Children’s

Jonah’s Whale

Eileen Spinel­li; Giu­liano Fer­ri, illus.
  • Review
February 26, 2013

God made Whale. God gave Whale a home in the blue-deep waters of the sea. God also gave Whale a fam­i­ly to splash and play and nuz­zle with, sil­very fish to eat, and a hap­py song to sing. And then…God gave Whale an impor­tant job.

That’s where Jon­ah comes into the pic­ture in this from-the-whale’s point-of-view retelling of the bib­li­cal sto­ry. (Actu­al­ly, the Bible iden­ti­fiesa big fish”, not a whale, but that’s just seman­tics.) So Whale swal­lows Jon­ah, then regur­gi­tates him on the beach. That’s it. The pair nev­er see each oth­er again, though they nev­er for­get each oth­er either. This pic­ture book is best read by side-by-side with the orig­i­nal tale, or at least by those already famil­iar with it. The nar­ra­tive is not placed in any con­text here, and the unini­ti­at­ed won’t under­stand what in the world this guy Jon­ah has ever done to make God order Whale to swal­low him. But it is a ter­rif­ic com­pan­ion book. The love­ly, poet­ic text cre­ates a ful­ly real­ized world for Whale in lan­guage almost musi­cal in cadence. Some­times it’s even fun­ny (“I am begin­ning to feel very queasy. It will not be my fault if I throw up!”). And the illus­tra­tions are equal­ly beau­ti­ful, con­vey­ing splen­did­ly the awe­some glo­ry of nature.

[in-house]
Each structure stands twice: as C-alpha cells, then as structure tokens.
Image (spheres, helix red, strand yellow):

Discussion Questions